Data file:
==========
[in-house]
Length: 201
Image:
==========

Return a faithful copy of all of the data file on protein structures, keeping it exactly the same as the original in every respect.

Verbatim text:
[in-house]
Length: 201
Image: